54) Being a scooter-momma doesn’t limit my foodie skills. In fact, my Honda Metropolitan holds two bags of groceries in the trunk, plus I can swing another five or six off the hook underneath the handle bars. As long as I have a place on the deck between my feet to hang my boot heels somewhere around the grocery bags, I’m golden! And–in a pinch–I can always hang more bags off my backpack purse. I wouldn’t look pretty, necessarily … but I’d get home with the deals I found!
55) I was born & raised in the South … so I love deep-fried food with mounds of gravy on it. I don’t need it … but I love it!
56) I’ve been trying to remember what the most bizarre thing I’ve ever eaten is … but it’s a toss between fried grasshoppers and Mexican mealworms!
57) I love cooking shows, aka “food porn.” All the food is beautiful and VERY tempting … don’t get me wrong … but–at the same time–all you get to is look ;(
58) I just got home from my “Food Journey 2010” … a 39-day … 3,000 mile flying/6,156 mile driving adventure, where I finally visited the state of Nebraska. I just have one question: does it always smell like that?
59) I spent 39 nights away from home while I was on my trip, but I only spent five nights in hotel rooms … and that would have been only four if I hadn’t broke down at 10am on my last day home. In other words, I spent 34 nights with various friends and family members, and got to visit with easily twice that many more. I feel amazingly blessed to have that many wonderful people in my life
61) It’s also hard to say what was the best meal I had on my trip. Several spring to mind: the homemade breakfast sausage at Ole’s Big Game Steakhouse, the fresh-steamed seafood at Sandra’s, and–of course–the pizza at Quonset Hut!
62) This isn’t the longest drive I’ve taken solo. The longest distance I’ve ever driven by myself was 7,750 miles, which I did in 2003 … about three months after driving 2,500 miles solo. Have car … will travel
63) Even in the Winter, I find interesting things to can. Summers are for fresh fruits and veggies. Winter is for meats, soups, and jams made from interesting items.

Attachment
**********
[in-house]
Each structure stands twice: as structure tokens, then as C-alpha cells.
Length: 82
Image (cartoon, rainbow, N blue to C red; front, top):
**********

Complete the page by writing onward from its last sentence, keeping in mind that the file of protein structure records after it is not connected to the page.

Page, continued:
64) When I lived in Texas–and, thanks to the Central Market chain–I attended cooking classes in Argentinian, Lebanese, Caribbean, Mediterranean, and Thai cuisines … among others. The classes weren’t necessarily cheap, but I thoroughly enjoyed every single one of them. I truly wish that a grocery chain here would do the same thing! I’d be there at least once a month.
65) I have someone in my life I call my adopted Persian mother … even though she’s really not that much older than I am. She’s the mother of two of my husband’s best friends growing up, someone who immigrated to this country without speaking English … with her twin sons–mere 2-month-old babies at the time–in her arms. She loves to cook as much as I do. We realized this when we first met, and we’ve shared recipes ever since. In fact, it was one of her recipes (with my tweaking) that helped me win second place in a dessert contest this past year.
66) I’ll spend DAYS or even WEEKS researching/experimenting/perfecting a new recipe … but–often–I can’t be bothered to take five minutes to cook food for myself.
67) I rarely have one project going at a time. It’s more like seven or eight … some in the planning stages, some in the R&D stages, and some that I’m finally making
68) I’m the texture queen. There are a number of things I won’t eat (liver) because of its texture (liver) … but, if the texture was different (liver) … I might actually eat it (liver).
69) Texture aside, there aren’t many things I wouldn’t try … at least once.
70) I’ve eaten roasted goat in a Mexican restaurant, goat stew in a Caribbean restaurant, and curried goat in the back of a Pakistani Grocery store … all in the same year. This isn’t as surprising as it may seem for someone who wasn’t raised on a farm, or in an area of the country where they didn’t really eat a lot of goat. However, friends of my family growing up cooked BBQ goat every year for their mother’s birthday. It was her favorite, and I can understand why. It’s a dark, almost oily meat that’s so rich and lush … it reminds me of duck, only more tender.
Phew! That was tougher than I thought it would be! It’s taken me quite a while to finish these … but there you go … it’s me!